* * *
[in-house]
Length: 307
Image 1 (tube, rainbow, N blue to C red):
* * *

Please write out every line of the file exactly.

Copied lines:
[in-house]
Length: 307
Image 1 (tube, rainbow, N blue to C red):